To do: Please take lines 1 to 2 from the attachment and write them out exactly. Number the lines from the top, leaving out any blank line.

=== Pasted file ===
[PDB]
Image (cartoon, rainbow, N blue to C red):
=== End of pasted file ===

[PDB]
Image (cartoon, rainbow, N blue to C red):